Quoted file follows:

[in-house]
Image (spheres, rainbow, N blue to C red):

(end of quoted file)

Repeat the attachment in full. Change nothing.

[in-house]
Image (spheres, rainbow, N blue to C red):